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One year ago: Harold Norse

Norse San Francisco poet Harold Norse, who died a year ago today at 92, was considered a mentor or peer to many great talents in 20th century American literature.

"He was an absolute pioneer in the use of American language," said Gerald Nicosia, a poet and biographer of Jack Kerouac who knew Norse for more than 30 years. "He was writing good, strong poetry before the Beats were."

A literary beacon in the gay community, Norse wrote openly of his sexual adventures in the 1940s and '50s.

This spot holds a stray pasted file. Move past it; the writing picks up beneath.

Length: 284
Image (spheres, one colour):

"He was essentially an expatriate voice in American poetry," Lawrence Ferlinghetti, the poet and bookseller who published a volume of Norse's poems in the mid-1970s, told The Times' Elaine Woo for Norse's obituary. "He had an original voice because he ventriloquized what a lot of other poets were saying. ... He could sound in one poem like T.S. Eliot ... or in another poem like William Burroughs."

Norse's 1972 poem "I am not a man" included these lines:

I'm not a man. I don't like football, boxing and cars.
I like to express my feeling. I even like to put an arm
around my friend's shoulder.

I'm not a man. I won't play the role assigned to me -- the role created
by Madison Avenue, Playboy, Hollywood and Oliver Cromwell,
Television does not dictate my behavior."

Norse's obituary appeared in The Times on June 13, 2009.

-- Keith Thursby

Photo credit: Neil Hollier

 
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